blocks prostaglandins, an important part of stress management for women.
Since stress is a major factor in heart disease, women do much better on enzymes
such as bromelain and papain.
Another tidbit about bromelain, the
enzyme extracted from the stem of the pineapple, is that it enhances the
effectiveness of antibiotics and minimizes their side-effects. So for
women, antibiotics should always be supplemented with bromelain and followed
with a course of probiotics.
that can Aggravate Arthritis
Often a Problem
fresh, frozen or canned (unsweetened) fruits, fruit juices (except
those specifically prohibited)
all citrus fruits-oranges, grapefruit, lemon, lime
non-gluten grains: brown rice, millet, buckwheat, guinoa, amaranth,
gluten grains: wheat, corn, oats, barley, spelt, rye
any made from rice, buckwheat, millet, soy, tapioca, arrowroot,
amaranth, quinoa, buckwheat pasta, rice noodles, rice cereal, millet
flakes, rice cakes
All wheat, oat, spelt, rye, barley, or gluten-containing breads and
All fresh fish such as halibut, salmon, cod, sole, trout, wild game,
chicken, turkey, lamb
Beef, pork, cold cuts, frankfurters, sausage, canned meats, eggs,
Beans, peas, lentils; almonds, cashews, walnuts, sesame (tahini),
sunflower, and pumpkin seeds; and nut butters made from these
Peanuts, pistachios, peanut butter
Milk substitutes such as rice milk, soy milk, nut milk, cashew cream
(blending cashew nuts with water)
Milk, cheese, cottage cheese, cream, yogurt, ice cream, butter, frozen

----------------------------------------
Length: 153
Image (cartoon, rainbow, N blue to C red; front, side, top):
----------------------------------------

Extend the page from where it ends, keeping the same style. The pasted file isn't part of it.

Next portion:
yogurt, non-dairy creamers
Raw, steamed, sautéed, juiced or baked vegetables (except those at
Nightshade-family vegetables: tomatoes, potatoes (except yams and sweet
potatoes) eggplant; and red, green, and yellow peppers
cold pressed olive, flaxseed, canola, safflower, sunflower, sesame,
walnut, pumpkin, almond oils, dressings made from these oils, tahini
margarine, butter, shortening, processed oils, salad dressing not made
with included oils
filtered or distilled water, herbal tea, rooibas (red bush) tea, fruit
sweetened fizzy drinks, alcoholic beverages, coffee, tea, all
cinnamon, cumin, dill, garlic, ginger, oregano, parsley, rosemary,
tarragon, thyme, turmeric
cayenne pepper, paprika, chili
brown rice syrup, fruit sweetener, molasses, dried fruit bars, fresh
fruit, small quantities only of dried fruit
white or brown sugar, honey, maple syrup, corn syrup, high fructose
corn syrup, chocolate bars, other confectionery